Deadly Ernest
Deadly Ernest

advice given to project managers in the 1980's. Back in the early 1990's my main work was financial and resource management. I was working in the Australian department of defence and developing a new financial management structure for a military base using to very important financial systems: 1. Activity Based Costing Here you identified every activity, sub-activity, and the resources involved. you costed them out. The critical thing was ensuring that the charging structure was aligned with your costing structure and applied within the corporate accounting system. 2. Zero Based Budgeting. This required you to identify every cost, exactly the cost and track each one. Doing away with the old "Last year we had $x, add inflation, add new projects = $y" process. You list everything and start as if you had no money last year. use last years records to give an idea of usage and costs only. The result of melding these two systems is that you end up with a very long list of everything you do, very similar to the resource list from a good project management program. Every activity includes a breakdown of every part of it. The list has an anticipated action time and a cost estimate for each item. As you start an item you note that on your list, also the finish time, and also every cost involved (in time, labour and money). You should also note when the invoices arrive and the charges sent off to accounting. You also tick off each item when you see it on the corporate accounting print out each week/month. The most important thing is to update the list every time you have to change anything. The next important point is to challenge every thing charged to you that is NOT from your list. ------------- One unit I worked with in Defence had a budget in the hundreds of millions. No one challenged the accounting records as the always ended the year under budget (most projects ran late), they were all technical people with little financial understanding. I applied a simplified version of the above. I started doing accounting checks of the projects and found many cases of wrong charges (some deliberate by other units who ran out, some accidental), and some cases of duplicate invoices by the contracted companies. I found enough to have half a million dollars of charges redirected to other internal units, and enough to justify paying $400,000 to auditors to go in and do a 100% audit of four companies - they ended up repaying just over $8.2 million of over charged accounts. After this I developed an easy spreadsheet layout for them to do this with their projects, and funding was much better managed after that. editted to add The spreadsheet was done 15 years ago in the first version of Excel - it was a simple spreadsheet with columns for Milestone, Task, Invoice, amount, date issued, date paid, account code, and authorisation number. They could sort on any column and the bottom had an autosum on the amount.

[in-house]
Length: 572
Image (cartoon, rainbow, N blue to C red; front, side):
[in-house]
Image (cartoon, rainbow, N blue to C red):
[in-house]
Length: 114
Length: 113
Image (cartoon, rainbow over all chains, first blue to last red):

gordon.rudd
gordon.rudd

I really don't know how to express my thoughts on this article...it really does puzzle me a great deal. It is puzzle me on many levels. It is easy to understand the potential misrepresentation of a projects actual status by waiting on the corporate accounting system for information; however, who would ever run any project without knowing specifically what was budgeted a specifically what had been spent against the budget. Spreadsheets are your friend? It has been my experience that you can never count on the corporate accounting system to accurately account for project expenses?project managers must constantly monitor what really happened against what is being charged to their projects. In most corporations accounting doesn?t know what?s happening with any project and as all IT pro?s should know, the people coding the transactions into the accounting system (even when automated) are sometimes fed inaccurate information.

drowningnotwaving
drowningnotwaving

I can't add to the 'budget' side of the discussion to the good points already. I will point out that the budget is just one tool and any manager, or management, who fanatically sticks to it (and we all have met someone like this) is in severe danger of missing opportunities and reality. Being 'under budget' can be good and bad. Being 'over budget' can be good or bad. And those can apply to any number of things - IT projects, inventory, headcount, capital etc. I am not underestimating the budget nor the need for planning whatsoever. It needs to be reviewed in an air of reality for the people, the company, its customers and the economic climate. Unfortunately our climate of quarterly reporting to the "market" means that the effort required to understand the reality is bludgeoned by the need for speed of the report, or the need for the 'ratios' not to be out of whack.

thinkdata
thinkdata

I just had lunch with a friend who was describing the classic catch-22: no design - no money, no money - no design. They create a WBS for new projects down to the nth detail w/o a wit of research, then are forced to live within it for the life of the project.

Deadly Ernest
Deadly Ernest

That was done 15 years ago in the first version of Excel - it was a simple spreadsheet with columns for Milestone, Task, Invoice, amount, date issued, date paid, account code, and authorisation number. They could sort on any column and the bottom had an autosum on the amount.